Throughout the summer of 1991, wildlife biologist Kelly Sorenson crisscrossed the Central California coast in a dusty Mazda pickup. On one particularly memorable trip, he drove for seven days straight, up to 14 hours a day, to scout mountain peaks between Big Sur and Marin County. As part of an ambitious species recovery program spearheaded by the Ventana Wilderness Society (which was renamed the Ventana Wildlife Society in 2006), Sorenson tracked bald eagles tagged with radio transmitters.
In those pre-smartphone days, Sorenson would collect maps from AAA offices, navigate to the next major mountaintop, and search for birds with an antenna.
“Those eagles were so fast. I’d race to the next mountain peak, and they’d be north of me every time,” he laughs.
This year, as the Salinas- and Big Sur-based Ventana Wildlife Society (VWS) marks 40 years of species recovery, habit conservation and educational outreach, a peer-reviewed paper in the June Journal of Raptor Research detailed the successful rehabilitation of central California’s bald eagles. Sorenson, now VWS executive director, was the report’s lead author.
“Back then, we were just a seasonal operation with one little pickup truck,” says Sorenson, who joined the organization 14 years after co-founders Sal and Ada Lucido, Gerry Petkus and Don Petkus launched the nonprofit with a wilderness sanctuary in Big Sur. “We went at it with everything we could, as we tried to get this species back on its feet in northern California.”
Monterey Bay Aquarium Veterinary Services Director Dr. Mike Murray assisted with VWS bald eagle recovery efforts in the 1980s, when he was a private-practice veterinarian on the Monterey Peninsula.
“When they started, there were naysayers at every turn. But this private, grassroots organization had big ideas—and they’ve pulled it off,” Murray says. “They have a great deal of passion and compassion for the animals they help, not only as whole species, but also as individuals.”
Following the successful bald eagle campaign, VWS leaders turned to threatened California condors. For generations, the birds were poisoned as they fed on the remains of animals hunted with lead bullets. To combat the problem, VWS began distributing free, non-lead ammunition in 2012.
That effort, and a captive-bred release program launched 20 years ago in Big Sur, has helped boost the total population from just 22 condors to 446 worldwide.
“We’ve distributed $130,000 worth of ammunition through this program, and area hunters and ranchers have been willingly making the shift,” says Sorenson. “This is the leading reason that condors will survive.”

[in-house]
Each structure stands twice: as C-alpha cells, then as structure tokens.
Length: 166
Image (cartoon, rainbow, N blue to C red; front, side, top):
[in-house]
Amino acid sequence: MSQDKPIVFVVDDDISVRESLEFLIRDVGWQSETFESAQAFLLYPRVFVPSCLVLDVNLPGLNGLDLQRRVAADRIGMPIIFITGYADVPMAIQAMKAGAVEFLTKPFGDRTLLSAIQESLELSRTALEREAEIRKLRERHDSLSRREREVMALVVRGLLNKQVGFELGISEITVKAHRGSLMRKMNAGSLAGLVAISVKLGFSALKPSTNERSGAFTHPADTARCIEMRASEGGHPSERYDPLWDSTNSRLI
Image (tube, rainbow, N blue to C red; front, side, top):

Though the organization’s Big Sur condor tours are on hold during Pfeiffer Canyon Bridge reconstruction (they’ll resume after the bridge’s scheduled September reopening), VWS staff members continue collaborating with Pinnacles National Park teams to support the birds.
The organization also partners with California State Parks to operate its seasonal Big Sur Discovery Center at Andrew Molera State Park. VWS offers summer-season and school year wilderness camps, nature experiences and other hands-on activities for students ages four through 17, as well.
Ventana Wildlife Society further extends its reach with the help of volunteers like Tim Huntington, a software engineer and photographer who moved to California about 20 years ago. His interest in condors evolved into a regular volunteer role with VWS.
In addition to donating his wildlife images to the organization, Huntington wrote software that helps individuals identify free-flying condors and learn about each bird’s lineage and release history. That information is available at condorspotter.com. He also tracks birds and checks nests with VWS naturalists.
In 2015 alone, Huntington spent more than 120 days following condors on the Monterey County coast. He shot video footage along the way, and later packaged the clips into a 27-minute film called “The California Condors of Big Sur.” The documentary was screened at this year’s San Luis Obispo International Film Festival. On September 8, it will be shown during a VWS event at Carmel’s Sunset Center.
“The film touches on pecking order, new parents and why condors are endangered. You learn about the birds and how they live. You get some real insight into their personalities,” says Huntington.
“Condors are in trouble for manmade reasons, so it makes sense that we would help them recover and survive,” he adds. “The Ventana Wildlife Society brought back the bald eagle, and now there’s a light at the end of the tunnel for condors. In a few years, these birds might be recovered enough that they won’t need management. It’s a fascinating story, and a very worthwhile cause.”
Tim Huntington’s film, “The California Condors of Big Sur,” will be shown at the Sunset Center in Carmel on Friday, Sept. 8, 2017. The $75 ticket price includes hors d’oeuvres, wine and desserts, plus access to the screening, a silent auction and a falconer presentation. For tickets, or to learn more about Ventana Wildlife Society programs, please visit ventanaws.org.